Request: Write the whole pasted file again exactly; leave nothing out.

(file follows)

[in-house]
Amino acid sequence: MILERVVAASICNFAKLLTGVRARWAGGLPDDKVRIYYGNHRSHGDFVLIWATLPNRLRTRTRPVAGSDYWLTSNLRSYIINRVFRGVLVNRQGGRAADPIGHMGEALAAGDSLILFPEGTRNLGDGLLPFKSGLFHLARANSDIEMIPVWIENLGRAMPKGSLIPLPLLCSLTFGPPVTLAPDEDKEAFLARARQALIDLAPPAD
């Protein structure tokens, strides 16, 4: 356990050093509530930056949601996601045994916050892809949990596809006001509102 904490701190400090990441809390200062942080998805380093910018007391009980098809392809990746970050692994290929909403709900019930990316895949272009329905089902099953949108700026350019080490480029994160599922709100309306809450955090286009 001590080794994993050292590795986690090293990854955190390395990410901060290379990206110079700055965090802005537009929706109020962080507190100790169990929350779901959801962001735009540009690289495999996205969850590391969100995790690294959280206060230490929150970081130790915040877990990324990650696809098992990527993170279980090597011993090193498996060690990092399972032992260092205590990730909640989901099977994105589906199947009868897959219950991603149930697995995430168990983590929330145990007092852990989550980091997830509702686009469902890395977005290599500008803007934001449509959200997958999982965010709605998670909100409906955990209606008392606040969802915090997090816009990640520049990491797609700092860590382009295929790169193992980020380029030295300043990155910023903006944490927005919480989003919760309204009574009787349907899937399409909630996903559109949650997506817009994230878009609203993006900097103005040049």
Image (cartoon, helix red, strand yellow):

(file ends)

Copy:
[in-house]
Amino acid sequence: MILERVVAASICNFAKLLTGVRARWAGGLPDDKVRIYYGNHRSHGDFVLIWATLPNRLRTRTRPVAGSDYWLTSNLRSYIINRVFRGVLVNRQGGRAADPIGHMGEALAAGDSLILFPEGTRNLGDGLLPFKSGLFHLARANSDIEMIPVWIENLGRAMPKGSLIPLPLLCSLTFGPPVTLAPDEDKEAFLARARQALIDLAPPAD
């Protein structure tokens, strides 16, 4: 356990050093509530930056949601996601045994916050892809949990596809006001509102 904490701190400090990441809390200062942080998805380093910018007391009980098809392809990746970050692994290929909403709900019930990316895949272009329905089902099953949108700026350019080490480029994160599922709100309306809450955090286009 001590080794994993050292590795986690090293990854955190390395990410901060290379990206110079700055965090802005537009929706109020962080507190100790169990929350779901959801962001735009540009690289495999996205969850590391969100995790690294959280206060230490929150970081130790915040877990990324990650696809098992990527993170279980090597011993090193498996060690990092399972032992260092205590990730909640989901099977994105589906199947009868897959219950991603149930697995995430168990983590929330145990007092852990989550980091997830509702686009469902890395977005290599500008803007934001449509959200997958999982965010709605998670909100409906955990209606008392606040969802915090997090816009990640520049990491797609700092860590382009295929790169193992980020380029030295300043990155910023903006944490927005919480989003919760309204009574009787349907899937399409909630996903559109949650997506817009994230878009609203993006900097103005040049």
Image (cartoon, helix red, strand yellow):